A 52-year-old Kennewick man has filed a claim against the city of Kennewick after he said he was falsely arrested for DUI and his truck was towed.
Ron Striver blamed the incident on a malfunctioning breathalyzer used on him last Saturday by a Kennewick police reserve officer on patrol.
He was stopped at 10th Avenue and Johnson Street around 5:30 p.m. Saturday for reportedly running a red light -- Striver said it was yellow when he went through -- and that's when the problem started.
The officer said he smelled alcohol and asked Striver if he had been drinking. Striver said he had one beer with lunch maybe two hours earlier. The officer then had Striver blow into the breathalyzer machine and it registered 0.15 percent -- nearly double the legal 0.08 limit.
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Striver, who had his two daughters, ages 10 and 12, with him, said he was adamant he wasn't drunk. He agreed to perform field sobriety tests, which he said he passed. When he blew in the machine again, it again registered 0.15, and he was arrested. Striver said he also was cited for two counts of child endangerment.
The officer then took Striver to Columbia Park, where the Washington State Patrol's Mobile DUI was processing DUI arrests. When he took the test there, it came up 0.00.
When the trooper told the officer the results of the breath test, "everything went away. They tore up all the tickets right on the spot," Striver said.
But, he still had to pay $216 to get his truck out of the tow yard, which meant he wasn't able to take his kids to the Silverwood Theme Park near Coeur d'Alene, Idaho, the following day.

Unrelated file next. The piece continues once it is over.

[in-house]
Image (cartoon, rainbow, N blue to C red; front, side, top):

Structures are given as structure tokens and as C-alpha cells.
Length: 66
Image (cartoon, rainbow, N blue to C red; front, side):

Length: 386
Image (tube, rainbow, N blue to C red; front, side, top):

And, he said, his daughters had to go through the ordeal of seeing him being wrongly arrested.
He filed a claim with the city to get his money back, and said he plans to talk to an attorney to see what recourse he has.
Kennewick police Sgt. Ken Lattin told the Herald that the improper reading on the preliminary breath test machine occurred because the officer didn't follow the 15-minute wait rule.
When a breath test is given, there has to be a 15-minute observation time when no food or drink or anything is done, Lattin said. Striver had been smoking a cigarette just before blowing into the machine, which caused the error, Lattin explained.
"There was still probable cause to make the arrest in spite of the false reading," Lattin said. "There was other evidence."
Lattin said Striver wasn't arrested, but he was detained for the investigation and was in handcuffs and not free to leave.
State law also mandates police impound vehicles when a driver is detained for suspected DUI.
"They had to impound it," Lattin said. "But we're going to pay the bill. He will get reimbursed."
Fortunately for Striver, he agreed to take the test when he was being processed. If he had refused, he would have been jailed and his license would have automatically been suspended.
"When you sign your driver's license ... what you're promising is if you're stopped and an officer suspects of you driving impaired, you will submit to a breath test," Lattin said.
Striver said he called a number of defense attorneys before taking the test and when one attorney finally called back, the attorney told him to take the test.
Striver wondered how many other people had a similar experience during Water Follies weekend, but Lattin said it was a one-time incident caused by the cigarette smoke. The machine, which is checked and recalibrated every six months, was taken out of service after the incident to be repaired, Lattin said.
Police supervisors also plan to follow up with a training reminder about how to properly administer the preliminary breath tests.
"The officer just didn't wait the 15 minutes," Lattin said. "But we made the situation as right as we could."
-- Paula Horton: 582-1556; firstname.lastname@example.org